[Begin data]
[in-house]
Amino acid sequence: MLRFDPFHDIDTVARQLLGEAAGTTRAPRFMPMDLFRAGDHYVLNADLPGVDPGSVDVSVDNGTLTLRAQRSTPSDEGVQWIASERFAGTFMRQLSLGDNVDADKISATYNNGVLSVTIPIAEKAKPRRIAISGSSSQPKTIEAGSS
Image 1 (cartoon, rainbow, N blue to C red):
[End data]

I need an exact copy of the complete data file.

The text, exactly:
[in-house]
Amino acid sequence: MLRFDPFHDIDTVARQLLGEAAGTTRAPRFMPMDLFRAGDHYVLNADLPGVDPGSVDVSVDNGTLTLRAQRSTPSDEGVQWIASERFAGTFMRQLSLGDNVDADKISATYNNGVLSVTIPIAEKAKPRRIAISGSSSQPKTIEAGSS
Image 1 (cartoon, rainbow, N blue to C red):